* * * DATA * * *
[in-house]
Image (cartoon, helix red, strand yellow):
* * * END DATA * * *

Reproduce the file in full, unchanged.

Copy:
[in-house]
Image (cartoon, helix red, strand yellow):